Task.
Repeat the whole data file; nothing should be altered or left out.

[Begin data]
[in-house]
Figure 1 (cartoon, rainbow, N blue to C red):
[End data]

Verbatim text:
[in-house]
Figure 1 (cartoon, rainbow, N blue to C red):